Manure Safety

Tips on keeping the soil, plants and you healthy.

Manure from many farm animals can be a valuable addition to your soil. Not only does it add such enriching nutrients as nitrogen, phosphorus and potassium, but manure also helps retain moisture and loosen compacted ground.

Gardeners and farmers should use manure with caution, however. When it’s fresh, it often contains weed seeds and has a strong odor. Composting, aging and stockpiling can help kill viable seeds and pathogens, and control the smell. See below for brief definitions for each and links for more information.

The most important thing to remember is that manure has the potential to cause serious illnesses and death in humans. Improperly handled animal waste can transmit disease-causing pathogens and parasites such as Listeria, E. coli, roundworms, tapeworms and other organisms.

The greatest risk is with root crops, like carrots, and leafy vegetables, such as lettuce, because the edible part of these plants physically touches soil that has manure in it. The good news is that you can use animal manure safely, if you follow recommended precautions such as the following.

In the Garden

Never apply fresh manure after planting.

Wait at least 120 days from the time you apply fresh manure to the time you harvest high-risk crops, unless you’re going to thoroughly cook them before eating them. Again, high-risk crops are those that have edible parts that come in direct contact with the soil.

While some sources suggest also waiting 120 days from the time you apply fresh manure to the time you harvest crops that are not considered root or leafy crops, others recommend just 90 days.

Use only composted manure if you’re applying it within 60 days of harvest. “Composted manure” means it’s been in a pile long enough for living organisms in the manure to generate sufficient heat to kill off most pathogens and weed seeds—that’s typically from 1 to 3 months. The time required depends on what animal the manure is from; how long it’s been stored; whether there’s animal bedding mixed in; and whether the manure has been turned, watered and/or covered.

“Aged” manure means it has been stored and exposed to the elements for at least one year. “Stockpiled” manure is often used interchangeably with “aged,” but in some circles it’s defined by its storage of eight months or less, because the soil or field conditions aren’t suitable for spreading it (often because the ground is frozen or covered with snow). In other circles, stockpiled refers to manure that’s been piled for years, if not decades. Still, to be safe, if manure is not to be composted, it’s best to not apply within 90 days of harvest.

Consider the source before you use fresh manure. Use only fresh manure from healthy, disease-free animals or flocks. Also, if you’re getting manure from someone else, ask if they regularly use antibiotics in their feeding routine. Animals fed antibiotics excrete them in their manure, and some researchers believe that produce grown in soil treated with such manure may absorb some of those antibiotics. Humans who then eat the produce may ingest traces of the antibiotics and thereby lessen the ability of those antibiotics used to combat harmful bacteria. The debate over possible health issues is continuing.

Never put cat, dog or pig manure, in your garden or compost pile. That said, it’s best to not allow these animals in the garden. Their manure can transmit diseases that pose serious threats to human health.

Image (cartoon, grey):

Because the term “compost” is not regulated, many products can be offered by that name.  If you buy commercially packaged, composted manure at a garden center or nursery, check the label to see if it is pathogen-free. For safety’s sake, use only manure that’s labeled pathogen-free.

In the Kitchen

Wash your hands thoroughly after you’ve been in the garden or after handling animals. The proper way to wash is to scrub your fingernails, hands and between your fingers with hot, soapy water for at least 20 seconds. Dry your hands with a clean towel or a single-use towel.

While thoroughly cooking produce is the best way to prevent infection by foodborne illnesses, eating raw fruits and vegetables can be made safer by thoroughly washing and/or peeling them. Wash with clean, potable water.

People who are susceptible to foodborne illnesses should avoid eating uncooked vegetables or fruits from gardens where manure has been used.

Pregnant women, very young children, and people with chronic diseases such as cancer, kidney or liver disease, diabetes, or AIDS, should also avoid eating uncooked foods from manured gardens.

Resources

Manure Management

• USDA http://wqic.nal.usda.gov/agricultural-environmental-management/manure-management

• Many university-affiliated extension services also publish information on using animal manure in gardens and on farms. See this article from Colorado State University, or search the web for safety guidelines in your state: http://www.ext.colostate.edu/mg/gardennotes/242.html

Composting

Environmental Protection Agency http://www.epa.gov/osw/conserve/rrr/composting/index.htm

USDA http://afsic.nal.usda.gov/soil-and-water-management/compost-and-composting

Aged Manure

Plant care and growing advice for the small-acreage gardener. http://yardener.com/YardenersPlantHelper/YardCareTechniques/Composting/BuildingCompostBin/CementBlockBins/CaringForTheSoilInTheLandscape/SolutionsForSoilProblems/IncreasingOrganicMaterialInYourSoil/AgedManure

Organic Products

Organic Materials Review Institute http://www.omri.org/

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